3) Try and keep something in between you and the snake. I generally use an umbrella with a hole cut in it for the lens. If the snake pounces, the hope is that it will go for the umbrella. The tension from the metal hinges is enough to repel the force of the strike. It is also compact and multi purpose. If the snake is on the ground I might approach it very slowly with my boot out, heel forwards to gauge the temperament of the snake. So that if it lunges, it will (hopefully) hit the boot and not my leg.

Twig snake (Thelotornis capensis) photographed in Udzungwa national park, Tanzania. Copyright Paul Bertner 2014.

Twig snake (Thelotornis capensis) photographed in Udzungwa national park, Tanzania. Copyright Paul Bertner 2014.

For non-venomous snakes

Oriental whip snake (Ahaetulla prasina) photographed in Cuc Phuong nationa park, Vietnam. Copyright Paul Bertner 2013.

Oriental whip snake (Ahaetulla prasina) photographed in Cuc Phuong nationa park, Vietnam. Copyright Paul Bertner 2013.

Green vine snake (Oxybelis brevirostris). Photographed in Bilsa reserve, Ecuador. Copyright Paul Bertner 2011.

Oriental whip snake (Ahaetulla prasina) photographed in Cuc Phuong nationa park, Vietnam. Copyright Paul Bertner 2013.

Oriental whip snake (Ahaetulla prasina) photographed in Cuc Phuong nationa park, Vietnam. Copyright Paul Bertner 2013.

Juvenile Usambara garter snake (Elapsoidea nigra) photographed in the Usambara mountains , Tanzania. Copyright Paul Bertner 2014.

Snake playing dead. Photographed in the Usambara mountains , Tanzania. Copyright Paul Bertner 2014.

Smooth slug eating snake (Aplopeltura boa) . Photographed in Bukit Barisan national park, Indonesia. Copyright Paul Bertner 2013.

Aplopeltura is a nocturnal snake. Therefore despite it’s wonderful camouflage, my goal of creating an in situ shot fell short of my vision. Perhaps in a quasi studio style environment with sufficient light one might get good results, however with only one or two flashes, there is too much black in the frame and the liana-like camouflaged isn’t shown to full effect. Smooth slug eating snake (Aplopeltura boa). Photographed in Bukit Barisan national park, Indonesia. Copyright Paul Bertner 2013.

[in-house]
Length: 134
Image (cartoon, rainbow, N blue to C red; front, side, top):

Therefore I had to compromise by showing the body detailing moss and lichen-like features juxtaposed with a tree trunk.

Smooth slug eating snake (Aplopeltura boa). Photographed in Danum Valley Conservation Area, Borneo. Copyright Paul Bertner 2009.

Actions

Snake feeding on an Anole. Photographed in Corcovado national park, Costa Rica. Copyright Paul Bertner 2013.

Snake (Chrionius fuscus) with tick. Photographed in Iwokrama reserve, Guyana. Copyright Paul Bertner 2010.

Snakes, venomous or not, are often objects of fear in many equatorial cultures. Ironically, most envenomations occur when locals attempt to kill or drive off snakes. Beyond the purely pragmatic goal of trying to ensure village safety, many foreigners fail to realize that in many traditional cultures, snakes can be associated with evil spirits, and dark magic and thus their mere presence may cause sickness and harm to the village unless they are dispatched. Despite several well-documented aggressive snakes like Africa’s black mambas (Dendroapsis polylepis) or South America’s Fer-de-Lance (Bothrops spp.), most species will attack only when provoked and even then dry bites are far more frequent than envenomations. This non-venomous snake fell victim to a local who probably mistook it for a boomslang or green mamba. Found on the side of a path, ants were making quick work of it. Photographed in the Usambara mountains , Tanzania. Copyright Paul Bertner 2014.

2 Responses to Tips for snakes and pit vipers

  1. Shauna Morris says:

    You are completely nuts!!! Great shots though 😌

  2. Very interesting…thanks for all your tips! I am planning to try to capture a B. atrox, and am quite keen on not getting bitten as you might imagine! The umbrella trick sound pretty good, especially as it can fold up very compact. Can you post a photo of this setup?